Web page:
Sunday, 30 December 2012

Steamed Pomfret (Bawal Kukus)

Another blast from the past, this dish takes me back to childhood. Even though it was it was served on a rare few occasions, it is one of my more memorable favourites and is quite easy to make. You will need a big enough steamer to fit your fish- it can be bamboo or stainless steel or even just a large wok with a lid and a rack to hold up the plate of fish that is being steamed.

Bawal (in Malay), or pomfret is a warm sea fish which may prove difficult to obtain fresh in temperate climates. Its flesh is very soft and white, with a few chunky bones (easier to pick them out), making it ideal for many types of recipes. You can use frozen pomfret bought in oriental supermarkets or substitute it with other fishes with similarly soft flesh.

1 medium or large pomfret, gutted and cleaned (you could leave the head on if preferred)
Slices of ginger

Some cooking oil
Sesame oil
Chopped spring onions, optional

Soy sauce
Green chillies, chopped
Garlic, minced

Arrange slices of ginger on the fish after it has been cleaned. Place the fish on its serving dish and put it in the steamer. Add about 3 cups of water to the steamer, close the lid and set the heat on low/medium. Let the fish cook in the steam for about 30 minutes or so (depending on the size of the fish and how much heat is being applied to the steamer). Avoid opening the lid too many times-it will take extra cooking time to replace the escaped steam to cook the fish.

When it is done (use a knife to prod the flesh- if it is white throughout, the fish is cooked), remove the fish from the steamer. Heat about 2 tablespoons of oil in a frying pan. Add a few dashes of sesame oil to it. Wait until the oil is very hot before drizzling the oil over the fish- you should hear it sizzle the fish skin. Garnish the fish with spring onions.

Serve this steamed pomfret with some white rice, a small sauce dish of soy, chillies and garlic and a vegetable side dish if desired.

Sunday, 16 December 2012

Tomyum Nabe

Nabe is a Japanese one-dish hotpot which can include any vegetables and meat in a good, hearty broth. In this recipe, I have attempted nabe with a twist by using tomyum flavour as the soup base.

This dish is perfect for the days when its cold outside
and want something fast and tasty! Cooked in a claypot dish, the hot pot will stay hot for longer as you sit around with friends and tuck in.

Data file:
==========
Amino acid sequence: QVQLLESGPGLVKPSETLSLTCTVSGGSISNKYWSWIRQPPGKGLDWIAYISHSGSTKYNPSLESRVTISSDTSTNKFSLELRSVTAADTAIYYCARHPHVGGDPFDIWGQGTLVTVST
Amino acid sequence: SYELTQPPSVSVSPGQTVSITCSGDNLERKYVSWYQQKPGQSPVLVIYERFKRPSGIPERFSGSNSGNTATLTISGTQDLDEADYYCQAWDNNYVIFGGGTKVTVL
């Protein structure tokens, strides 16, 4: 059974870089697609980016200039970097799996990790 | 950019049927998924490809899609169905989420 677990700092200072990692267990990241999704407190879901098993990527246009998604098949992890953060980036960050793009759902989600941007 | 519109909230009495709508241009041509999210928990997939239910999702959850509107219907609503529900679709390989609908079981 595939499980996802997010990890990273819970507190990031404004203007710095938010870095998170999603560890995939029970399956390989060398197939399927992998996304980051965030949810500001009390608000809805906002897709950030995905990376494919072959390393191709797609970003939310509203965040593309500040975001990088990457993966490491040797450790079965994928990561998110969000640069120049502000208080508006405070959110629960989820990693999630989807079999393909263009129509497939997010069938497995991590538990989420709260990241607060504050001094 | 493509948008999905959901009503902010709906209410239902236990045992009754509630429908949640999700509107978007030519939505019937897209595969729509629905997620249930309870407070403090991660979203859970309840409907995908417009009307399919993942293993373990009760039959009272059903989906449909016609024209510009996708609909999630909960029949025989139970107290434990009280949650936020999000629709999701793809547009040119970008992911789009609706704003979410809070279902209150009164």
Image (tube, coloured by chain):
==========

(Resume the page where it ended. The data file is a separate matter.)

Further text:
1 tomyum cube (or 1 tablespoon of bottled tomyum paste)
3 litres of water
1 carrot, sliced
1 chilli, whole (optional)
a quarter head of cauliflower, broken into florets
8 young corns
1 medium chicken breast, thinly sliced against the grain
4-5 mushrooms, quartered
50-70g of dried noodles per person

Bring the water to boil and melt the tomyum cube (or past) in it. Carefully arrange the ingredients in the pot and leave the lid on. Cook for 3-5 minutes and serve up. Condiments such as soy sauce and chilli sauce would go with this dish.

Tip: If you have a dish warmer, you can place this claypot on it and leave it warming over the tealights while you eat.

Tuesday, 4 December 2012

Kuih Gulung (Coconut Pancake Roll)

 ‘Green, spring roll-like snack filled with sweet, grated coconut’ pretty much sums up kuih gulung. Most kuih sellers in Malaysia will have them, but it’s something you can make at home with minimal ingredients, effort and time.

Normally, freshly grated coconut is used for this kuih. However, if that is not a readily available ingredient at your local shop, dried desiccated coconut will work just as well if cooked as mentioned below.

1 cup flour
180ml water
A pinch of salt
½ teaspoon green food colouring
¼ teaspoon pandan (screwpine leaves) flavouring
1 tablespoon oil

150g desiccated or grated coconut
2 heaped tablespoons of brown sugar, the darker the better
1 teaspoon water

Warm the sugar and water in a small pan over low heat. When it has dissolved, add the coconut and let it absorb most of the moister. When the mixture is nearly dry, remove from heat and leave aside to cool.

Whisk the flour and water to form a smooth batter without lumps. Add the salt, oil, food colour and flavour. The oil helps emulsify the ingredients together and allows the batter to cook into beautiful pancakes.

Spoon a ladle of batter onto a medium hot non-stick pan (add a drop of oil if using a regular pan), swirl it around to cover the base. Cook for a minute before flipping over and cook for another minute.

Place the pancake on a plate; add a spoonful of the coconut mixture in a line near the edge of the pancake. Fold in both sides and roll the rest up tightly. The kuih gulung is ready to be served. It can be enjoyed hot or cold.

Best enjoyed with your favourite hot drink!